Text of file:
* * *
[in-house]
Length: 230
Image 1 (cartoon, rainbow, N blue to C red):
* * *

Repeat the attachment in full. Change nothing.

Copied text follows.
[in-house]
Length: 230
Image 1 (cartoon, rainbow, N blue to C red):